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24 years ago, I read a fiction book based loosely on the book of Job. I can remember the main character was sent to parallel universes, in which he stayed the same person, but had to start over again each time, and took to wearing a gold necklace, so that he could pawn/sell each time to get him set up.

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    I've read the Book of Job and I don't remember anything about parallel universes.
    – Valorum
    Apr 15, 2018 at 7:23
  • Possibly the same book (scifi.stackexchange.com/questions/32801/…)?
    – Valorum
    Apr 15, 2018 at 7:25
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    Oh, I vaguely remember this one - the back of the book mentioned an old safety razor and the end puts some very novel twists on religion.
    – user867
    Apr 15, 2018 at 22:00

1 Answer 1

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Could this be JOB: A Comedy of Justice by Robert Heinlein (from 1984)? The story is described as being loosely based on the Book of Job.

Whenever they manage to make some stake, an inconveniently timed change into a new alternate reality throws them off their stride (once, the money they earned is left behind in another reality; in another case, the paper money earned in a Mexico which is an empire is worthless in another Mexico which is a republic). These repeated misfortunes, clearly effected by some malevolent entity, make the hero identify with the Biblical Job.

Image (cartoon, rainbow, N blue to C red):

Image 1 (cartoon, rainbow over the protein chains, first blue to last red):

The main character shifts between alternate worlds and tries, where possible, to get hold of hard currency (gold and silver) as it's much more useful than paper money. No mention of necklaces though.

Example: I had figured out that, while paper money was never any good after a world change, hard money, gold and silver, would somehow be negotiable, as bullion if not coin. So, when I got a chance to lay hands on hard money, I was stingy with it and refused to take paper money in change for hard money.

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    Unrelated to what it is, but this is probably my least favorite Heinlein novel.
    – Zeiss Ikon
    Nov 19, 2019 at 18:20
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    @ZeissIkon ditto, but towards the end of his life it was a race to the bottom... Nov 19, 2019 at 18:38
  • And yet, Friday and To Sail Beyond the Sunset were pretty good. In my opinion, at least.
    – Zeiss Ikon
    Nov 19, 2019 at 18:44

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